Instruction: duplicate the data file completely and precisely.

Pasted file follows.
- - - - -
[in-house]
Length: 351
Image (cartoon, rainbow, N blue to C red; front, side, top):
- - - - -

[in-house]
Length: 351
Image (cartoon, rainbow, N blue to C red; front, side, top):